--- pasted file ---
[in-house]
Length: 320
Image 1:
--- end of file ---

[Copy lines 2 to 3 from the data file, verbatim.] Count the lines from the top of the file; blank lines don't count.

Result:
Length: 320
Image 1: